Taking a Stand: The Argument Essay
In an argument essay, you take a stand on a particular issue and expand your point of view with supporting evidence. To construct an argument, ask yourself what your main point is, and then decide why that particular point is important. For instance, would a segment of society benefit if your stance were taken? Would certain problems be eradicated? Would money be saved?
Keep in mind that you must pursue some line of thought that's open to question, or else you don't have an argument. In other words, you wouldn't write something like:
That's a simple statement of fact — there's nothing to argue. However, if you wrote that people should eat more cotton candy, you'd have the basis for debate, and you could proceed with an argument.
Before you begin, think about the evidence you can give to support your point. If you can't think of (or find through research) several reasons why your point is important, then you should abandon that particular idea because you won't be able to support it well in your essay.
According to Aristotle, argument has three types of appeal:
Ethos — the appeal of the character and credibility of the speaker or writer (establish your credentials or the credentials of those whose research you cite)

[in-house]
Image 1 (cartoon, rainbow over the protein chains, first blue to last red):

Pathos — the appeal to the emotion of your audience (ask yourself what feelings you want your audience to have)
Logos — the logical appeal through facts or reasons (present enough evidence so your readers will be convinced yours is the only sound conclusion)
The strength of argument essays lies not only in the evidence provided by writers to support their point but also in their ability to anticipate opposing arguments and to objectively disprove them.
Requirements for an argument vary with individual instructors, with various academic disciplines, and with different publications. Be sure you understand specific requirements regarding the format you must use and the type or amount of support or proof you must give.